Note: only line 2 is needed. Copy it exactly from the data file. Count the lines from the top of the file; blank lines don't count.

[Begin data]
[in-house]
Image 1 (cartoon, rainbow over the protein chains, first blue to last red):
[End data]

Image 1 (cartoon, rainbow over the protein chains, first blue to last red):